Character … Judging with a Plank (Doctrine of a Disciple)

This one is a VERY popular one. People throw it around all the time. But do we really understand what it is saying? Let’s find out.

3Why do you [a]stare from without at the [b]very small particle that is in your brother’s eye but do not become aware of and consider the beam [c]of timber that is in your own eye? 4Or how can you say to your brother, Let me get the tiny particle out of your eye, when there is the beam [d]of timber in your own eye? Matthew 7

I think most people understand what this means. However, it may not be applied appropriately. For example, if we know someone who is abusing something, we can’t take this verse and apply it unless we ourselves are abusing the very same something. If I’m a drug addict, it wouldn’t be wise of me to try and confront my drug addict friend. HOWEVER, if I am a recovered drug addict, I can and should.

And although it wouldn’t carry much weight, if I am a drug addict and notice my friend is physically abusing someone, it doesn’t disqualify me from confronting my friend about the physical abuse.

This isn’t applied the same as when Jesus said, ““Let any one of you who is without sin be the first to throw a stone at her.” (John 8) In this case, people were about to carry out a sentence of death on someone. The issue wasn’t their confrontation of the woman’s sin, it was in their treatment of the woman. At the end of this scene, “Jesus declared. “Go now and leave your life of sin.”” He didn’t ignore her sin.

Let’s move on to see this more clearly in the next sentence, which by the way, no one every quotes.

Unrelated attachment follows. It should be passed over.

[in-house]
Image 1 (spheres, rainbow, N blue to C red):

5You hypocrite, first get the beam of timber out of your own eye, and then you will see clearly to take the tiny particle out of your brother’s eye.

We see here that it says “AND THEN,” and then you will see clearly to take the tiny particle out of your brother’s eye. So it’s not wrong to try to take the speck out of a brother’s eye – it is just important that we get the log out of ours first. So if we are going to confront someone on pornography, lying, cheating, stealing, etc, etc, we need to make sure that we are not doing that very thing. If we are, we need to take care of that issue in our own life before we would be able to help someone else.

I almost think there is another application to this verse. When we can see something in someone else’s life, it might be a reminder to take time to examine our own. Take a look at our own life with a fine tooth comb to make sure we ourselves are not carrying around a speck.

Have you ever had a speck of something in your eye? I have. And let me tell you something, I couldn’t have seen any clearly than someone with a blind fold on, let alone a plank in their eye. So even though we may think someone is being worse than us at something, our sin is smaller, we STILL should take a good look at ourselves.

If reproving or admonishing our brothers and sisters was something not to be done, we’d almost have to throw out half of the Bible. Think about that for a moment. Not one disciple in the Bible was perfect. Not one of them would have had a perfectly clean eye while they were taking “the tiny particles out of” the early Church’s eye, now would they?

Before we speak, we should to a very good self evaluation, take a long look in the mirror.

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